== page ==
Aickman is probably best remembered for his co-founding of the Inland Waterways Association, a group devoted to restoring and preserving England's then-neglected and largely derelict inland canal system.
The association was sparked off by a letter sent by Aickman to L. T. C. Rolt following the publication in 1944 of Rolt's highly successful book Narrow Boat, describing the declining and largely unknown world of the British canals. The inaugural meeting took place on 15 February 1946 in London, with Aickman as chairman and Rolt as honorary secretary.
The IWA organized successful campaigns and attracted notable supporters, including as president the writer and parliamentarian Sir A. P. Herbert and as vice-president the naturalist Peter Scott. Scott's wife, Elizabeth Jane Howard, was part-time secretary, working in Aickman's flat in Gower Street; she had an affair with Aickman, which she describes in her autobiography Slipstream (Macmillan, 2002).
Aickman began to have policy disagreements with Rolt. Aickman wanted to campaign to keep all of the waterways open, whereas Rolt had sympathies with the traditional canal workers and believed it necessary to prioritize which canals could be kept open. The disagreement became public: Aickman had organized the IWA's first boat rally and festival in August 1950 and attempted to prevent Rolt from attending and promoting his book The Inland Waterways of England; nevertheless, Rolt attended, as did his publisher, Philip Unwin. Aickman engineered a change to the rules to require all members to conform to agreed IWA principles, and in early 1951 Rolt and others were excluded from membership. Aickman published two nonfiction books on the waterways in 1955.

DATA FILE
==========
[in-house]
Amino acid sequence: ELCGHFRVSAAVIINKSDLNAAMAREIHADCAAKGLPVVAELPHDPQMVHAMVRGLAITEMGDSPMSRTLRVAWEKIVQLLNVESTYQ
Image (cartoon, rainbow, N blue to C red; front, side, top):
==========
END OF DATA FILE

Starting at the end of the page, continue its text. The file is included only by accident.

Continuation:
Nevertheless, the IWA has been one of the most successful conservation organizations in British history, succeeding in restoring and reopening much of the original canal network.
As a writer, Aickman is best known for the 48 “strange stories” which were published in eight volumes, one of them posthumous. The American collection Painted Devils consists of revised versions of stories which had previously appeared in other books.
After three of his stories appeared in We Are for the Dark (1954), occasional short stories appeared in magazines and anthologies during the rest of the 1950s, but Aickman's involvement with his many societies kept him from any writing at length. The year 1964 thus came as a watershed, with a slightly mystical novel, The Late Breakfasters, a story collection (Dark Entries) and the first Fontana Book of Great Ghost Stories, which he edited for eight volumes. “Those, if any, who wish to know more about me”, Aickman wrote in 1965, “should plunge beneath the frivolous surface of The Late Breakfasters.” Opening as a comedy of manners, its playful seriousness slowly fades into an elegiac variation on the great Greek myth of thwarted love.